The most striking aspect is how much power and bass the unit musters. Even without the optional subwoofer, explosions are so deep and muscular that we were ducking for cover during the Japanese attack on Pearl Harbor. But the other sonic elements are equally enthralling, from the crisp, piercing rattle of machine guns to the desperate cries of testosterone-fuelled pilots. There’s a directness and smoothness to the sound that sets it apart from its cheaper rivals.
And the good news keeps on coming – OPSODIS delivers by far the most convincing rear channel effects we’ve heard from any soundbar. The rear-speaker drivers throw the surround information far and wide, surrounding the listening position with crisply reproduced and expertly steered effects. The non-reliance on walls is an advantage, allowing the unit to work well in a variety of awkward test locations, but on the downside you need to sit in precisely the right place to get the full effect – move from that position and audibility of surround effects reduces considerably. But to be fair, that applies to most soundbars.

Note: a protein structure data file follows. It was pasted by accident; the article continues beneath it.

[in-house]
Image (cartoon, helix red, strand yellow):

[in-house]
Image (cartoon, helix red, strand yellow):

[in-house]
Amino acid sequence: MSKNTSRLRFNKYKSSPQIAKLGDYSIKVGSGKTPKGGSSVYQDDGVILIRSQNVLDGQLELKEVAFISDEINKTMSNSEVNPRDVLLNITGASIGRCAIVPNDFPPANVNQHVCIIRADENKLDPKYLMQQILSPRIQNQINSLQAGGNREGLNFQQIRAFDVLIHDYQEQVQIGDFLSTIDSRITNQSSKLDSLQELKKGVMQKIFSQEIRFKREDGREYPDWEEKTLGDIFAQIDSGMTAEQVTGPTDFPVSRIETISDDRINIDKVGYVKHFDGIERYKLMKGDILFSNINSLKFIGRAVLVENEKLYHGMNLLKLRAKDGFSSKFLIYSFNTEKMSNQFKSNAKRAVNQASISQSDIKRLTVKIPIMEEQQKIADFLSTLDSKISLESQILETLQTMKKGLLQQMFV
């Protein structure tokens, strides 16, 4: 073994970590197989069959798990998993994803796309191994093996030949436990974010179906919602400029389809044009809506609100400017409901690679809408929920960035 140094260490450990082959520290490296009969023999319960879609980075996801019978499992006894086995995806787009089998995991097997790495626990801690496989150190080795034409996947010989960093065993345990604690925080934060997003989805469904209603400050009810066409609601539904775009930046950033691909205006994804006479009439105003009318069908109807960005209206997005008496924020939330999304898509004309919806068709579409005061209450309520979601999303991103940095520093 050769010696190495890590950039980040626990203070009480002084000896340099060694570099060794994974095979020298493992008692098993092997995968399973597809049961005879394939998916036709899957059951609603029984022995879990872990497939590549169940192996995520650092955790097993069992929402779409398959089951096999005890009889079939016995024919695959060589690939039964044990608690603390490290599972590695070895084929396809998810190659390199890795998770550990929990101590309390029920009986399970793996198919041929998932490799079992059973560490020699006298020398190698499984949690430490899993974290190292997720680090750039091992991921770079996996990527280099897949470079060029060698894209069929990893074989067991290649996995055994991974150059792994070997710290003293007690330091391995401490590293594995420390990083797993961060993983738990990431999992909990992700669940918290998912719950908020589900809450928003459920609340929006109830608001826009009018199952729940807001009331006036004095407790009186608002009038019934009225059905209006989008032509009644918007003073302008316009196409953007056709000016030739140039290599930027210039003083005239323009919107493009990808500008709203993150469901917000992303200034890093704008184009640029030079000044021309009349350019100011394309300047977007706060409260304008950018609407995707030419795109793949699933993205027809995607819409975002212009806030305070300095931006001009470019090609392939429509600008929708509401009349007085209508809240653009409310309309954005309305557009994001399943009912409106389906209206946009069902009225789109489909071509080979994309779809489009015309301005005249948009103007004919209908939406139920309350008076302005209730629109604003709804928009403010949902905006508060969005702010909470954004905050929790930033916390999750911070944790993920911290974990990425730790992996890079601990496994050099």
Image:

As an added bonus, the quality of music playback is superb. A run through of Reel People’s Seven Ways To Wonder CD reveals tremendous warmth and attention to detail.
Although it’s no match for a real 5.1-channel system, the ES7001 offers the best performance we’ve encountered from a soundbar by virtue of its excellent surround effect placement and smooth, powerful playback of movies and music. It’s just a shame that Marantz couldn’t have shoved OPSODIS inside something a bit cheaper. At close to £800, it’s almost twice the price of soundbars from Philips (which also boasts a built-in DVD player) and Yamaha, and we’re not sure its capabilities or features are sufficiently superior to justify such a premium. But if you have the money and want the best sound quality no matter the cost, then this is the soundbar for you.
Score in detail